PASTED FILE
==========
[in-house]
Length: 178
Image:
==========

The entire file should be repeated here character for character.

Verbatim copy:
[in-house]
Length: 178
Image: